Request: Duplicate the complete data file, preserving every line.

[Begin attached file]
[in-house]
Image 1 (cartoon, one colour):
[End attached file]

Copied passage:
[in-house]
Image 1 (cartoon, one colour):